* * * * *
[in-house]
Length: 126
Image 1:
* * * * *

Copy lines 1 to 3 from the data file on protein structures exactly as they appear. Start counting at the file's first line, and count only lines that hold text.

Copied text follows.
[in-house]
Length: 126
Image 1: